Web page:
A retired English player who swapped jerseys with Diego Maradona sold it for R150 million

Business Insider US
Diego Maradona's jersey is thought to be the most expensive sports item ever sold.
Tristan Fewings/Getty Images for Sotheby's
  • Diego Maradona's "Hand of God" jersey just sold for $9.28 million (some R150 million), auction house Sotheby's said.
  • It's believed to be the highest price ever paid for a piece of sports memorabilia.
  • The jersey was owned by Steve Hodge, who swapped jerseys with Maradona at the 1986 World Cup.
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Soccer legend Diego Maradona may have scored two of the world's most famous goals in 1986, but it's his opponent who just became almost $9.3 million (about R150 million) richer because of the feat.

Steve Hodge, a retired English midfielder who played against Maradona in the 1986 World Cup quarterfinals, has sold his Argentine counterpart's jersey for $9.28 million in an auction held by Sotheby's, the auction house announced Wednesday. 

Known as the "Hand of God" jersey, it has been held on display at the National Football Museum in Manchester for the last 20 years. According to Sotheby's, the jersey is believed to be the most expensive piece of sports memorabilia ever sold.

The jersey is a reminder of Maradona's infamous goal against England, in which he scored using his left hand, giving Argentina a 1-0 lead because the referee didn't have a clear view of the play.

Minutes later, he made what is widely regarded as the greatest soccer play of the 20th century, dribbling past five English players — including Hodge — before sending the ball past the goalkeeper and into the back of the net. 

When asked about the first goal, Maradona was famously quoted as saying it was due to "a little with the head of Maradona, and a little with the hand of God."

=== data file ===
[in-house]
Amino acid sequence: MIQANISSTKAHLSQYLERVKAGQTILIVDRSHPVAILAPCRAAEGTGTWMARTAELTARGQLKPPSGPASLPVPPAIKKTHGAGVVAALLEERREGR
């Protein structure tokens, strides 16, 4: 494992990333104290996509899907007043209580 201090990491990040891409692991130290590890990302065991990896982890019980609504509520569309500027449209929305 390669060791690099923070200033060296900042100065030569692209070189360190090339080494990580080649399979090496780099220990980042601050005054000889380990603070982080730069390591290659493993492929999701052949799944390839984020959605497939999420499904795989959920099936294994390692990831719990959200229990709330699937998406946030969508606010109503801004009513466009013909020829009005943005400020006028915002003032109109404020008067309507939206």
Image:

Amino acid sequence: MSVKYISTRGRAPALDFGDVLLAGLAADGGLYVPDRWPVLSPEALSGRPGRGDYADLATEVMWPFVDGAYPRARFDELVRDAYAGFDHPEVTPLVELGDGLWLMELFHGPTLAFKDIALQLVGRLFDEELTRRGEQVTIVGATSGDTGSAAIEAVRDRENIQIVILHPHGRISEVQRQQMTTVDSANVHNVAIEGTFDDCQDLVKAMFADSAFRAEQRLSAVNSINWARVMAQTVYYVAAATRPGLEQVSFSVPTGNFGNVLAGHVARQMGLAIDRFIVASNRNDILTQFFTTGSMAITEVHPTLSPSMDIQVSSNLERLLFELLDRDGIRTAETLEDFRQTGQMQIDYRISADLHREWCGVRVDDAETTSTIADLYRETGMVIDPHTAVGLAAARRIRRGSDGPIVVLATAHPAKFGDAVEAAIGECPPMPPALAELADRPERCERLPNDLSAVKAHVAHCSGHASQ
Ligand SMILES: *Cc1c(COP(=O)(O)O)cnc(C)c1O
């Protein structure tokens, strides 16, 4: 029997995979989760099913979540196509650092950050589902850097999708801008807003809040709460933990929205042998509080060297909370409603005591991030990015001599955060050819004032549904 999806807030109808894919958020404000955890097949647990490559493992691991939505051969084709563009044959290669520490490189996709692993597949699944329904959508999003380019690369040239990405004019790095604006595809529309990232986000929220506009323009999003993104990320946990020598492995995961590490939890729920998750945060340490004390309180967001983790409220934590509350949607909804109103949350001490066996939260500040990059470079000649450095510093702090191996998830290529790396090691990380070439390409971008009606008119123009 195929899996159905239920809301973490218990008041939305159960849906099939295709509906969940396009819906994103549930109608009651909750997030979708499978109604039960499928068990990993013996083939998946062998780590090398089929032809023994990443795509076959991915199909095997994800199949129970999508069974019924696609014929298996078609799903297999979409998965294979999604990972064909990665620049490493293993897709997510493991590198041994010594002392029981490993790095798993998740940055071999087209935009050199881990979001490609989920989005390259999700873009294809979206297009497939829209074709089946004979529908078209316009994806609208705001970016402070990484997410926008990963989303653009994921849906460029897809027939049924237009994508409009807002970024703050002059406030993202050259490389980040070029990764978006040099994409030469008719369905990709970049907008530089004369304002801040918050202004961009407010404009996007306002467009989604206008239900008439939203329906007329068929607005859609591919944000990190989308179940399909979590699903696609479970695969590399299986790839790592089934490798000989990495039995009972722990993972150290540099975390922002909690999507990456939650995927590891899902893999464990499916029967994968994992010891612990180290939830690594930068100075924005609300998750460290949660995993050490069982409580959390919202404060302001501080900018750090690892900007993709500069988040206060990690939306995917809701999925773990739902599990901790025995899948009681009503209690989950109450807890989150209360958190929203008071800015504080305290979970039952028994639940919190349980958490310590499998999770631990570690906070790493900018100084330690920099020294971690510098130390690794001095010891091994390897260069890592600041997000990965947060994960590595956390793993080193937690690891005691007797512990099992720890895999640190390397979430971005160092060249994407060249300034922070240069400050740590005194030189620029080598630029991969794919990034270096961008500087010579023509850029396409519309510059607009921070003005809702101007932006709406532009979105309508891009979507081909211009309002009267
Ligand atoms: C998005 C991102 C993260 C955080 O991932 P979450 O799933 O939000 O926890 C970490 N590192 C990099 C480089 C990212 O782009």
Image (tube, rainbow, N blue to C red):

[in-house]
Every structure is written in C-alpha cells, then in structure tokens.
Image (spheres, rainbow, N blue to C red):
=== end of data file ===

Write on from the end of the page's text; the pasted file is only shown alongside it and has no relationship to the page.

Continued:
Argentina ended up winning the match with a score of 2-1. In the stadium tunnel after the game, Maradona swapped jerseys with Hodge, who has held ownership of the "Hand of God" shirt ever since.

"The Hand of God shirt has deep cultural meaning to the football world, the people of Argentina, and the people of England, and I'm certain that the new owner will have immense pride in owning the world's most iconic football shirt," Hodge said in a news release from Sotheby's. The auction house did not identify the jersey's buyer.

The "Hand of God" game's cultural significance has gone beyond sport: the match has also been seen as a symbolic act of revenge for Argentina after it lost the Falklands War against the UK.

Maradona, who died of heart failure in 2020, once said of the match: "It was more than beating a football team, it was beating a whole country."

However, there's been some dispute over whether the shirt is the correct one.

Dalma Maradona, the eldest of the soccer player's three daughters, said her father had changed jerseys at half-time because of the heat on the pitch and that Hodge had received the shirt Maradona used in the first half of the game.

"He has the first-half top. I wanted to explain that to people so that whoever wants to buy it knows the truth," she told Radio Metro in April.

Sotheby's told Insider's Barnaby Lane that Dalma's claim was false.

"Prior to putting this shirt for sale, we did extensive diligence and scientific research on the item to make sure it was the shirt worn by Maradona in the second half for the two goals," said Melica Khansari, Sotheby's deputy director of communications.

The sale of Maradona's jersey has trumped the price of the Olympic Games' original manifesto, which sold for $8.8 million in 2019, according to Sotheby's. The previous price record for a game-worn shirt was set by Babe Ruth's Yankees road jersey, which sold for $5.64 million in 2019, per the auction house.

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